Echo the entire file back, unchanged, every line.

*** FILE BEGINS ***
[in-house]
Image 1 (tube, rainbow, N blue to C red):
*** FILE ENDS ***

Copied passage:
[in-house]
Image 1 (tube, rainbow, N blue to C red):